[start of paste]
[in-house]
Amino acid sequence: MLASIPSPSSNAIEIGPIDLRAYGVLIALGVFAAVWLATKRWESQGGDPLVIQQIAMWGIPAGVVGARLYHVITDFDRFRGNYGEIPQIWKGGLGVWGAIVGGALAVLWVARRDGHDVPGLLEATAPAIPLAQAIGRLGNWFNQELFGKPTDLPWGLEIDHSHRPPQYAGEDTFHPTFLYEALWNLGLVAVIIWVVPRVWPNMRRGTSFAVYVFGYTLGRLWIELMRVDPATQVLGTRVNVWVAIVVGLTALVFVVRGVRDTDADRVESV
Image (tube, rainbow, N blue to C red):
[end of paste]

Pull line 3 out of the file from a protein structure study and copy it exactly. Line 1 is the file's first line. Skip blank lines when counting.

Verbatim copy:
Image (tube, rainbow, N blue to C red):